Community Health Education in Commonwealth countries

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Gill Walt, Pamela Constantinides
01 Jan 1983
9781848593589 (PDF)
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  • Summary

    This study was undertaken to collect information about community health education in Commonwealth countries, looking at activities and programmes relating to primary health care. Particular attention was paid to the role of the media, and to identifying programmes and projects that could be a stimulus to other countries.

  • Introduction

    At the Sixth Commonwealth Health Ministers Meeting in Tanzania in 1980 it was decided that a study on community health education should be commissioned. It was noted at that meeting that “in order to achieve improvements in primary health care which is the key to raising health standards, the family must be educated and motivated to assume many responsibilities for its own health care. This can be achieved through a vigorous programme of health education…”.

  • What is Community Health Education?

    Although the idea of health education has a long history, government involvement in it is relatively recent. Over time, and all over the Commonwealth, individuals have taken it on their shoulders to extol the need for health education and “propaganda”, but it is probably fair to say that it is only in the last twenty or thirty years that health education has received financial and institutional support on a national scale.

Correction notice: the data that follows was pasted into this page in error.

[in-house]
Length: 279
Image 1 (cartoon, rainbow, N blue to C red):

• Current Activities

    In this section we discuss the responses to the questionnaires sent to Commonwealth countries. Forty-seven countries (including four dependencies) completed questionnaires.

  • Three Case Studies

    In this section we look in more detail at three countries chosen specifically because they have all involved communities in health education in very different ways. Tanzania ran a radio campaign called Man is health, with up to one million people participating in study groups and related activities. Sri Lanka is involving young volunteers to be catalysts in their villages, linking the community to the health services.

  • Innovation in Community Health Education

    One of the questions asked in the health education questionnaire was whether individual Commonwealth countries were engaged in any experimental or innovatory health education work. Of the 47 countries who responded to this question 19 said frankly that they were not.

  • Using Mass Media

    Many health educators are attracted to the idea of using television and radio for health education. Aside from being glamorous and “modern”, these media have the potential of reaching very large numbers of people. In the less developed countries these factors may be particularly influential, reinforced by the enthusiasm of foreign aid donors to give and countries to sell equipment.

  • Conclusions and Recommendations
  • Appendices and Visits
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